You’re in the middle of a fight—dodging rockets, cores, shock combos. In the chaos you dodge straight into a combo that leads to your death. You swear you didn’t double tap in that direction. “F*cking auto-dodge,” you say in chat followed by gaslighting from your peers, “I never auto-dodge.” Is it just you? Maybe you did accidentally double tap in the chaos. Well, I’m here to say you’re not crazy. Auto-dodging, or what I prefer to call unintentional dodging, is a thing in the Unreal Tournament franchise—always has been.

An unintentional dodge is when your character dodges without a distinct double tap in the dodge direction. You can easily reproduce this with the following key combination,

Hold Forward,
Double Tap Back
↳ Dodge Forward


Hold Right
Double Tap Left
↳ Dodge Right

However, you can’t reproduce it if you change the directions! For example,

Hold Backward,
Double Tap Forward

Does not lead to a backward dodge. Why? Let’s dig into that.


Unreal Tournament does not directly translate a key press to a movement action. Instead, UT maps key presses as a change in an “Axis”. Put simply, an Axis is a 1-dimensional unit representing speed. If you look at your user.ini, you may have seen these lines and wondered what they mean:

Aliases[2]=(Command="Axis aBaseY  Speed=+300.0",Alias="MoveForward")
Aliases[3]=(Command="Axis aBaseY  Speed=-300.0",Alias="MoveBackward")
Aliases[4]=(Command="Axis aBaseX Speed=-40.0",Alias="TurnLeft")
Aliases[5]=(Command="Axis aBaseX  Speed=+40.0",Alias="TurnRight")
Aliases[6]=(Command="Axis aStrafe Speed=-300.0",Alias="StrafeLeft")
Aliases[7]=(Command="Axis aStrafe Speed=+300.0",Alias="StrafeRight")
Aliases[8]=(Command="Jump | Axis aUp Speed=+300.0",Alias="Jump")
Aliases[9]=(Command="Button bDuck | Axis aUp Speed=-300.0",Alias="Duck")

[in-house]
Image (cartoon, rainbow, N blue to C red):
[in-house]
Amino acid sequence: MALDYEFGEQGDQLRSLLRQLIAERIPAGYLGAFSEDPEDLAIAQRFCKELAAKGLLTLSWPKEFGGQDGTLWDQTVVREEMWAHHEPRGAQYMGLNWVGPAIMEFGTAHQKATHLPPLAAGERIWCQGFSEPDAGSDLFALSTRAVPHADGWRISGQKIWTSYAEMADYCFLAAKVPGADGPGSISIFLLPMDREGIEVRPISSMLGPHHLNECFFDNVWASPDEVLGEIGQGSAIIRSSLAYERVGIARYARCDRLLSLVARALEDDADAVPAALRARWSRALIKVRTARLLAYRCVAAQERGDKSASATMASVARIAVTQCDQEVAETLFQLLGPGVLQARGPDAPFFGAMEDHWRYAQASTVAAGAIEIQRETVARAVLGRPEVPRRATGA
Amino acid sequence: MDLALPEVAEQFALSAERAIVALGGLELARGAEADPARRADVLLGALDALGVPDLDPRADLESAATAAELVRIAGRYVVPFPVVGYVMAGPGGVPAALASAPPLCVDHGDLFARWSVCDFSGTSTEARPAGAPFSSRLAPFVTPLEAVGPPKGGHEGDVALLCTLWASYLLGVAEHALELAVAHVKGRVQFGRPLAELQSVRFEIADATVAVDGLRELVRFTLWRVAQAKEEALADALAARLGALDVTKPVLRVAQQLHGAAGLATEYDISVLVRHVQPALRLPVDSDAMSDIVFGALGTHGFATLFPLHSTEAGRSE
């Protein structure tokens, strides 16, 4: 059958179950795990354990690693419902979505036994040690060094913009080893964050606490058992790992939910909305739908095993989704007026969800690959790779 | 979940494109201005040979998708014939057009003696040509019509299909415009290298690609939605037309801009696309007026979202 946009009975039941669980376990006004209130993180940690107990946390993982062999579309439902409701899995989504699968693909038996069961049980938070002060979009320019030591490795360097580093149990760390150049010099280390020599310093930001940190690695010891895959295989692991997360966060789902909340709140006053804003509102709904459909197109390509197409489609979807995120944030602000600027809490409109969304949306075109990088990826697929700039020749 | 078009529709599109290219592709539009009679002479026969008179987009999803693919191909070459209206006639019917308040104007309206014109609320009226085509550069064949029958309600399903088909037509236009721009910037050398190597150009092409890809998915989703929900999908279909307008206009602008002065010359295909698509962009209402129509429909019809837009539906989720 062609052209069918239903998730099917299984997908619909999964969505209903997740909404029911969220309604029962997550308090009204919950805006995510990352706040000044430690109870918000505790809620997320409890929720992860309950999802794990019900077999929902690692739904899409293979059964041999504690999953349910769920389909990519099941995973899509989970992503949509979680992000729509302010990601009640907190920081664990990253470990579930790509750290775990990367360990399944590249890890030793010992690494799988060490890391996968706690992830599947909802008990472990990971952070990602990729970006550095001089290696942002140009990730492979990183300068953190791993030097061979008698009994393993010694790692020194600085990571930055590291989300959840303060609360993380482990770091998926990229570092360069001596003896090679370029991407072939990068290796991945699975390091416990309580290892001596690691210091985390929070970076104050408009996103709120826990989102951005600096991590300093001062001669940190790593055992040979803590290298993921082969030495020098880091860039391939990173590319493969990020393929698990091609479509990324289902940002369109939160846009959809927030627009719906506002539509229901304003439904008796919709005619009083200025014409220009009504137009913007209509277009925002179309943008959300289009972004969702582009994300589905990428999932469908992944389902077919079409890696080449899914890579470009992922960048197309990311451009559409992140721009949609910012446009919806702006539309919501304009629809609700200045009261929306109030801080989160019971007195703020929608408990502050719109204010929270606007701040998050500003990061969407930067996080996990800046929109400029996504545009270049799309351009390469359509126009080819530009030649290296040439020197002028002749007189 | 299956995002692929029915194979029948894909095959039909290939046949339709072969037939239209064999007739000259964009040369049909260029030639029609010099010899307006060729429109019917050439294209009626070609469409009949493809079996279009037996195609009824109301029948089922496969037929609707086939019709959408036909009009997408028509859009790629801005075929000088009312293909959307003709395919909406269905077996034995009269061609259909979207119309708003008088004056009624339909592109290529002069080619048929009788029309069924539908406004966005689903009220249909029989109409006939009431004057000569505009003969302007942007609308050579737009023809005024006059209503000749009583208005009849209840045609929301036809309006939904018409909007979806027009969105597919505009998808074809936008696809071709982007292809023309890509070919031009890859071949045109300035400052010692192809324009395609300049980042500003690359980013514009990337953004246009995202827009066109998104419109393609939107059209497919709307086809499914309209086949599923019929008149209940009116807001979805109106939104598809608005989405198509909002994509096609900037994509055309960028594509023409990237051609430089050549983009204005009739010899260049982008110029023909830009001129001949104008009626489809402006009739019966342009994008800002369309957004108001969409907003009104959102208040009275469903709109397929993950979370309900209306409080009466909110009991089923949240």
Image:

The Move and Strafe aliases modify the aBaseY and aStrafe axis values, respectively, to a speed of ± 300.0.

If you press W, bound to MoveForward, then aBaseY = +300.0. If you press S, then aBaseY = -300.0, and if you press both W and S then aBaseY = 0.0—theoretically, more on this later!

Dodge Detection

UT uses the axis to determine movement direction, and this is where the logic starts to get faulty. Let’s take a look at PlayerInput.uc to see how double taps are detected.

// Check for Double click move
// flag transitions
bEdgeForward = (bWasForward ^^ (aBaseY > 0));
bEdgeBack = (bWasBack ^^ (aBaseY < 0));
bEdgeLeft = (bWasLeft ^^ (aStrafe < 0));
bEdgeRight = (bWasRight ^^ (aStrafe > 0));
bWasForward = (aBaseY > 0);
bWasBack = (aBaseY < 0);
bWasLeft = (aStrafe < 0);
bWasRight = (aStrafe > 0);

Further down these values are used to determine dodge direction,

if (bEdgeForward && bWasForward)
    DoubleClickDir = DCLICK_Forward;
else if (bEdgeBack && bWasBack)
    DoubleClickDir = DCLICK_Back;
else if (bEdgeLeft && bWasLeft)
    DoubleClickDir = DCLICK_Left;
else if (bEdgeRight && bWasRight)
    DoubleClickDir = DCLICK_Right;

The Axis aBaseY and aStrafe encode movement direction as positive/negative speeds.

The bEdge variables represent an “edge” event. The easiest way to visualize this is to consider a digital signal graph,

Edge/Level Diagram